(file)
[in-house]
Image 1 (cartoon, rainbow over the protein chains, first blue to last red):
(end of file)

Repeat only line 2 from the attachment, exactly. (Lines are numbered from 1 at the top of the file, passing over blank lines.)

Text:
Image 1 (cartoon, rainbow over the protein chains, first blue to last red):